A House of Gentlefolk, by Ivan Turgenev

Chapter XXII

He began talking about music, about Lisa, then of music again. He seemed to enunciate his words more slowly when he spoke of Lisa. Lavretsky turned the conversation on his compositions, and half in jest, offered to write him a libretto.

“H’m, a libretto!” replied Lemm; “no, that is not in my line; I have not now the liveliness, the play of the imagination, which is needed for an opera; I have lost too much of my power . . . But if I were still able to do something — I should be content with a song; of course, I should like to have beautiful words . . .”

He ceased speaking, and sat a long while motionless, his eyes lifted to the heavens.

“For instance,” he said at last, “something in this way: ‘Ye stars, ye pure stars!’”

Lavretsky turned his face slightly towards him and began to look at him.

“‘Ye stars, pure stars,’” repeated Lemm . . . “‘You look down upon the righteous and guilty alike . . but only the pure in heart,’— or something of that kind —‘comprehend you’— that is, no —‘love you.’ But I am not a poet. I’m not equal to it! Something for that kind, though, something lofty.”

Lemm pushed his hat on to the back of his head; in the dim twilight of the clear night his face looked paler and younger.

“‘And you too,’” he continued, his voice gradually sinking, “‘ye know who loves, who can love, because, pure ones, ye alone can comfort’ . . . No, that’s not it at all! I am not a poet,” he said, “but something of that sort.”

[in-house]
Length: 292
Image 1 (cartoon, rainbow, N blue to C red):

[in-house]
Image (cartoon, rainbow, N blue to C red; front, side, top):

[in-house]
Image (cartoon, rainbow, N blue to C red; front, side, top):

“I am sorry I am not a poet,” observed Lavretsky.

“Vain dreams!” replied Lemm, and he buried himself in the corner of the carriage. He closed his eyes as though he were disposing himself to sleep.

A few instants passed . . . Lavretsky listened . . . “‘Stars, pure stars, love,’” muttered the old man.

“Love,” Lavretsky repeated to himself. He sank into thought — and his heart grew heavy.

“That is beautiful music you have set to Fridolin, Christopher Fedoritch,” he said aloud, “but what do you suppose, did that Fridolin do, after the Count had presented him to his wife . . . became her lover, eh?”

“You think so,” replied Lemm, “probably because experience,”— he stopped suddenly and turned away in confusion. Lavretsky laughed constrainedly, and also turned away and began gazing at the road.

The stars had begun to grow paler and the sky had turned grey when the carriage drove up to the steps of the little house in Vassilyevskoe. Lavretsky conducted his guest to the room prepared for him, returned to his study and sat down before the window. In the garden a nightingale was singing its last song before dawn, Lavretsky remember that a nightingale had sung in the garden at the Kalitins’; he remembered, too, the soft stir in Lisa’s eyes, as at its first notes, they turned towards the dark window. He began to think of her, and his heart was calm again. “Pure maiden,” he murmured half-aloud: “pure stars,” he added with a smile, and went peacefully to bed.

But Lemm sat a long while on his bed, a music-book on his knees. He felt as though sweet, unheard melody was haunting him; already he was all aglow and astir, already he felt the languor and sweetness of its presence . . but he could not reach it.

“Neither poet nor musician!” he muttered at last . . . And his tired head sank wearily on to the pillows.


Last updated Sunday, March 27, 2016 at 12:01